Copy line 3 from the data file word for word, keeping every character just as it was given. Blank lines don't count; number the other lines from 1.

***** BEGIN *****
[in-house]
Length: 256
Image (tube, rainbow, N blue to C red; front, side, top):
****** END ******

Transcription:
Image (tube, rainbow, N blue to C red; front, side, top):